Age estimation for Asian Cymbidium (Orchidaceae: Epidendroideae) with implementation of fossil data calibration using molecular markers (ITS2 & matK) implying phylogeographic inference
- Subject Areas
- Biodiversity, Biogeography, Bioinformatics, Evolutionary Studies, Taxonomy
- Cymbidium, Orchids, maturase K, internal transcribed spacers, Bayesian relaxed clock, fossil
- © 2013 Biswal et al.
- This is an open access article distributed under the terms of the Creative Commons Attribution License, which permits unrestricted use, distribution, and reproduction in any medium, provided the original author and source are credited.
- Cite this article
- 2013. Age estimation for Asian Cymbidium (Orchidaceae: Epidendroideae) with implementation of fossil data calibration using molecular markers (ITS2 & matK) implying phylogeographic inference. PeerJ PrePrints 1:e94v1 https://doi.org/10.7287/peerj.preprints.94v1
Abstract: Intercontinental dislocations between tropical regions harboring two-thirds of the flowering plants have always drawn attention from taxonomists and bio-geographers. The focus had always been on woody land plants rather than on herbs. Orchidaceae is one such family belonging to angiosperms, with an herbaceous habit and high species diversity in the tropics. Here, we investigate the evolutionary and bio-geographical history of the genus Cymbidium, which represents a monophyletic subfamily (Epidendroideae) of the orchids and comprises 50 odd species that are disjunctly distributed in tropical to temperate regions. A relatively well-resolved and highly supported phylogeny of Cymbidiums was reconstructed based on sequence analyses of internal transcribed spacer (ITS2) regions and maturaseK (matK) from the chloroplast region available on the public domain in GenBank at NCBI. Crassulacean acid metabolism (CAM) is one of the photosynthetic pathways regarded as adaptation to water stress in land plants. Hardly any information exists on correlations among the level of CAM activity, habitat, life form, and phylogenetic relationship of a plant group from an evolutionary perspective. This study examines a genus level analyses by integrating ITS and matK data to all fossil data available on orchids in a molecular Bayesian relaxed clock employed in BEAST and assessed divergence times for the genus Cymbidium with a focus on evolutionary plasticity of photosynthetic characters. Our study has enabled age estimations for the genus Cymbidum (12Ma) for the first time using BEAST by addition of previously analyzed two internal calibration points.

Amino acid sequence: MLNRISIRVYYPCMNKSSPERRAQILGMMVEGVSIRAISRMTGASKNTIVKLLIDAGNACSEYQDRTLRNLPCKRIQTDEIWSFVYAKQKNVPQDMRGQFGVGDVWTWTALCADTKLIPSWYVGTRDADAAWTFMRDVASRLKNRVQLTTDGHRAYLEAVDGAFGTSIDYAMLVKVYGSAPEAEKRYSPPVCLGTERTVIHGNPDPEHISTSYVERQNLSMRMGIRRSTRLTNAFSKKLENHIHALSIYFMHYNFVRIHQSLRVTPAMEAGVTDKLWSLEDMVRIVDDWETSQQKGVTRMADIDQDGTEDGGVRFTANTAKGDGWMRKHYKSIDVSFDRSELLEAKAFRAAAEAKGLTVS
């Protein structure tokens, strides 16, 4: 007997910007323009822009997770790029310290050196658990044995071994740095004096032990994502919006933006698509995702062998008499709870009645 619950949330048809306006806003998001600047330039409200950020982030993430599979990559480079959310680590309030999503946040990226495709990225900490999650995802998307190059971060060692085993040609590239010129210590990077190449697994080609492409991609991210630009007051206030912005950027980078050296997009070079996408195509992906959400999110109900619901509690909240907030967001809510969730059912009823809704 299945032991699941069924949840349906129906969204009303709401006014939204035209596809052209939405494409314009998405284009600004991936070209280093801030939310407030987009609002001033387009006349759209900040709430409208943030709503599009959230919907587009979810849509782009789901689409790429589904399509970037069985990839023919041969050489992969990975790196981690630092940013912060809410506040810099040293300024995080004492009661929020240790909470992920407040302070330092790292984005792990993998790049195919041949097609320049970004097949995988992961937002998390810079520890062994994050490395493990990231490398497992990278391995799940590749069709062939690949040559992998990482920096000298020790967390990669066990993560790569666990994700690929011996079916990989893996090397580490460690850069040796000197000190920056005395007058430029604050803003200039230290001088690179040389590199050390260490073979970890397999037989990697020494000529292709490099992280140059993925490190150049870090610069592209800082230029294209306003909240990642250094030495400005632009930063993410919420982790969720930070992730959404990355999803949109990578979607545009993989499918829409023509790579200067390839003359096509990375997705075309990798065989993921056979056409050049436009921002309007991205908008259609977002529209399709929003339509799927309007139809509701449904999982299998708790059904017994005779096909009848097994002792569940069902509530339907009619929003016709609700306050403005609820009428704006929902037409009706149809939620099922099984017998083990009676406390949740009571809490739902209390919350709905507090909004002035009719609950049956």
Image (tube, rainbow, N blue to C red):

This paper was submitted to the InCoB 2013 Conference (International Conference on Bioinformatics). It was accepted for presentation at the Conference and is also being submitted to PeerJ.